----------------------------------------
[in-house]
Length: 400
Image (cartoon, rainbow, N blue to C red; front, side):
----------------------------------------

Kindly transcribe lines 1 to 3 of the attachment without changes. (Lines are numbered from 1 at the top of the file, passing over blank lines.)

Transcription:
[in-house]
Length: 400
Image (cartoon, rainbow, N blue to C red; front, side):